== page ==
This week, Cleveland Democratic Rep. Dennis Kucinich and Rep. John Murtha, Democrat of Pennsylvania and chairman of the House Defense Appropriations subcommittee, told Klaus Kleinfeld, Alcoa's chief executive, of their concern that the company might not be willing to invest the $68 million needed to fix the press and preserve jobs here. They also urged Alcoa to consider the welfare of its employees in making its decision about how to proceed.

Both the company and the local union leadership are concerned about how Cleveland Works can continue making big, delicate and expensive forged aluminum parts when Alcoa's main tool in their manufacture is cracked and out of operation.

The parts include lightweight but super-strong bulkheads for one of the most sophisticated war machines in the world, the F-35 Joint Strike Fighter jet. The Cleveland plant has a contract to forge and machine the units for Lockheed Martin Corp., the prime defense contractor. The multiyear contract is worth more than $360 million.

"That press is the backbone of this facility," according to Jeff Judson, president of United Autoworkers Local 1050, which represents 790 active workers at the plant. Alcoa laid off 70 UAW workers in recent weeks, as the company strives to cut 13 percent of its global work force of more than 100,000. The company also cut about 50 salaried employees in Cleveland.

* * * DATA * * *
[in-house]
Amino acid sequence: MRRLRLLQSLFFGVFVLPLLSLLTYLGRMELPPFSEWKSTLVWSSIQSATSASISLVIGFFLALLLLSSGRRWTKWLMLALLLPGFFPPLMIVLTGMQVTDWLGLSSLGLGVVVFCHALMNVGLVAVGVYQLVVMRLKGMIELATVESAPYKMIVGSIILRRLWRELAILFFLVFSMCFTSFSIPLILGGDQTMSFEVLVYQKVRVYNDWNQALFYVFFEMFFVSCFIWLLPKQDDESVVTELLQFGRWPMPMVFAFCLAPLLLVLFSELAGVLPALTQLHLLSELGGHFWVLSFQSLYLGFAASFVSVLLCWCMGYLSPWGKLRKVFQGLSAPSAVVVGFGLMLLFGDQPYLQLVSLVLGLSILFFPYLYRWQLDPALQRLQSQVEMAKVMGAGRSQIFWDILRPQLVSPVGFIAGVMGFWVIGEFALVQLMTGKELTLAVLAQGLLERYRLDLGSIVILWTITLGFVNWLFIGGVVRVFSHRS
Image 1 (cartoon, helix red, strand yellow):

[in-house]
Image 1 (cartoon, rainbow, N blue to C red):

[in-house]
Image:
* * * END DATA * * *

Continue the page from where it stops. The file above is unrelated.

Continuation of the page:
Judson's concern is that the company won't spend the estimated $68 million to fix the press, opting instead to move the F-35 manufacturing operations to another site. And he's concerned that if Alcoa does repair or replace the machine, the company will seek to take a big portion of its cost out of the salaries and benefits of the union work force in Cleveland.

Kevin Lowery, Alcoa's corporate spokesman, emphasized that the company has made no decision about how to proceed. "That is why we are exploring what the possibilities might be in how we might replace the press or go about addressing how we could make products different ways."

He said he welcomes any suggestions but indicated that the company may be reluctant to commit $68 million to repair a machine that is more than a half-century old. In 1981 the American Society of Mechanical Engineers dedicated the Mesta press as a national historic mechanical engineering landmark.

What are the options without making such expensive repairs to the hulking antique machine?

"You're asking me to look into a crystal ball and make predictions," Lowery said. "It's times like these when, if you're a long-standing member of the community, you'll seek those people who might come up with solutions for us. We're open to any suggestions."

Judson said Local 1050, as well, is "willing to listen to what the company comes up with. We understand that the plant has a very significant impact on not just our workers but the whole region. But we have to try to protect jobs - UAW jobs and salaried jobs as well."

To reach this Plain Dealer reporter: fbentayou@plaind.com, 216-999-4116